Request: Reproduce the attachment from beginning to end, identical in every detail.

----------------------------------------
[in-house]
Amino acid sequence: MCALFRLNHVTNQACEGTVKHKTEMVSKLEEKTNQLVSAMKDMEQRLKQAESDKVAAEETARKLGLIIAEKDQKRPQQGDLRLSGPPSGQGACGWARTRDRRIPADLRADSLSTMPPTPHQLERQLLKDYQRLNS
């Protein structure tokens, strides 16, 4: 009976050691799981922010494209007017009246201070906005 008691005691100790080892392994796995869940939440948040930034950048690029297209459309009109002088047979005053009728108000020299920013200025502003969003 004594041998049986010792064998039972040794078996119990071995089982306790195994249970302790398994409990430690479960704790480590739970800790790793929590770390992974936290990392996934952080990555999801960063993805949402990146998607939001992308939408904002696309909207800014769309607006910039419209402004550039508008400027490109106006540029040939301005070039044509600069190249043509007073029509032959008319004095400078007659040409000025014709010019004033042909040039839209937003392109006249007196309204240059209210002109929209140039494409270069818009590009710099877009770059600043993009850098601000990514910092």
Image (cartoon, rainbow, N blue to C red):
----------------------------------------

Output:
[in-house]
Amino acid sequence: MCALFRLNHVTNQACEGTVKHKTEMVSKLEEKTNQLVSAMKDMEQRLKQAESDKVAAEETARKLGLIIAEKDQKRPQQGDLRLSGPPSGQGACGWARTRDRRIPADLRADSLSTMPPTPHQLERQLLKDYQRLNS
């Protein structure tokens, strides 16, 4: 009976050691799981922010494209007017009246201070906005 008691005691100790080892392994796995869940939440948040930034950048690029297209459309009109002088047979005053009728108000020299920013200025502003969003 004594041998049986010792064998039972040794078996119990071995089982306790195994249970302790398994409990430690479960704790480590739970800790790793929590770390992974936290990392996934952080990555999801960063993805949402990146998607939001992308939408904002696309909207800014769309607006910039419209402004550039508008400027490109106006540029040939301005070039044509600069190249043509007073029509032959008319004095400078007659040409000025014709010019004033042909040039839209937003392109006249007196309204240059209210002109929209140039494409270069818009590009710099877009770059600043993009850098601000990514910092």
Image (cartoon, rainbow, N blue to C red):